On phyllo dough and discrimination

I was introduced to knafeh last week, and it has been the only thing on my mind since. Knafeh, a Lebanese desert, is made of a melted white cheese topped with shredded phyllo dough and a sweet honey syrup. I make baklava, it''s nutty cousin, often and I was excited to try my hand at this new delicacy.
Despite assurances from multiple middle-aged Sephardic women that shredded phyllo dough can be found in any supermarket, I found that my local Mega does not carry it. After visiting another two supermarkets with no luck, I decided to get smart and save myself time by calling around first.
Cue reality. My conversation with the Chaviv nearest me went like this:
Me: Hi, do you sell shredded phyllo dough?
Costumer service representative: How would I know?
Me: You would go to the frozen goods aisle and check.
Representative: We don''t carry it.
Me: But you didn''t check.
Representative: We don''t carry it.
Anyway, I am still on a hunt for the stuff, so if you know where I can find please clue me in.
In other news, I had a disturbing incident at work this week. I got into an argument with a coworker, who in what I would call a “low blow” tried to pass off a mistake he''d made as the result of a language barrier. While I am aware that my Hebrew is not perfect, I am absolutely sure that I used the correct terminology to communicate what I needed. The idea that someone would use my aliya and the fact that Hebrew is not my mother tongue to excuse his own error is infuriating.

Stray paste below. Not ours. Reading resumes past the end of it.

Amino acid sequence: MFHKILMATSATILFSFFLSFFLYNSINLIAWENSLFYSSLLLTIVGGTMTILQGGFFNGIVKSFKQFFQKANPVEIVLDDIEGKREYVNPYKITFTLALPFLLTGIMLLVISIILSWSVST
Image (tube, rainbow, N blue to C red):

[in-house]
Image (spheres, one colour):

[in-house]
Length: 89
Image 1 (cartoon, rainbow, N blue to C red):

I''ve been trying to put it into perspective though. All immigrants face discrimination. I had the good fortune to make aliya from a first-world country and with an education and a strong command of the Hebrew language. There are olim in Israel who face much larger and more significant obstacles in their daily life than I can probably even imagine. Seeing as my run-ins with cranky customer service representatives and coworkers pail in comparison, I''ve been trying to take these incidents with a sense of humor.
It reminds me of a well known story among Israel''s Anglos. A Jerusalem cop once stopped an American student for jay-walking. The student, who was studying in a one-year program and did not speak Hebrew, could not understand what the officer was telling him. Sensing the disapproval in the officer''s voice, the student tried to apologize. “Ani iparon,” he pleaded, mistaking the word for “sorry” with the word for “pencil” (although the two words sound nothing alike). The officer ended up letting the student get off scott-free, apparently moved by the student''s pathetic declaration that he is a writing utensil.
Ever since this incident, Anglos across the country have been pleading with police officers to forgive them for whatever petty crime they may have committed because they are pencils. From what I understand, the officers have become familiar with the story and are no longer so sympathetic. So there you have a story of immigrants taking advantage of a language barrier in order to vindicate their own mistakes. The lesson here is that we all do it, but it''s only funny when it''s own our fault we are making fun of.